B. The project could be useful given certain changes we expect in the near term.

C. The project might be useful if circumstances were to change significantly.

D. The project is useless or irrelevant to us at this moment.

Finally, I used the A-F rating system to assess the degree of leverage as I detailed in my earlier post, Moving From Pattern to Details part 2. For example:

• Developing a way to grow my own transplants in my zone 1 rather than buying store-bought transplants (grown who knows where) is a way of evolving the system structure, substituting local producers for long distance ones (F).
• Monitoring my energy use and the actions I take to impact my energy use is a way to increase my access to feedback by creating a new feedback loop (C).
• Enhancing my ability to create good compost by adding and harvesting rye grass, strengthens a balancing feedback loop. (C).
• While both storing dried produce and canning increase my available food storage and cut losses of yield (C), canning substitutes a local producer (me)  for long distance ones  (E, since I already buy quite a bit of canned food).

I created a table in  an excel spreadsheet and then sorted the projects based on leverage point priority first, then importance then difficulty to come up with a preliminary sequence to follow.  This sequencing strategy is preliminary.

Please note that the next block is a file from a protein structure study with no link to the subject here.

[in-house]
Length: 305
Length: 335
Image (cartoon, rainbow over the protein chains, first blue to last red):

Looking at this  I can see how it is easy to come up with projects that have an A and B leverage point rating.  Its harder to identify projects with  C, D, E and  F ratings.  They are far less obvious.

P.S. I’m no longer stuck.

Moving from Pattern to Details

Well I’ve been on this permaculture home study journey for about 2 months and am about to start my overall design.  I’ve got tons of ideas from my various readings which so far have included:

• Earth Users Guide to Permaculture, Rosemary Morrow
• Edible Front Yard, Ivette Solier (from local library) – reviewed in earlier post
• Perennial Vegetables, Eric Toensmeir (from local library)
• The Resilient Garden, Carol Deppe
• about half of Little House on a Small Planet, Shay Salomon & Nigel Valdez
• and the echo follows – reviewed in earlier post
• Polyculture Handouts – reviewed in earlier post
• Gaia’s Garden, Toby Hemenway (from local library)
• A Forest Garden Pattern Language – excellent resource available from Regenerative Designs.
• Re localizing Your Urban Lifestyle – excellent resource available here from Joanne Poyourow. I hope to talk more about zones in a later post.
• How not to play the game – another interesting online article from John Micheal Greer, the author of The Long Descent
• Online PDC Course – Right now I’m up to the lesson on Soil Ecology

I’ve got a pretty good idea of the various parts of my site analysis, I just haven’t drawn it up yet.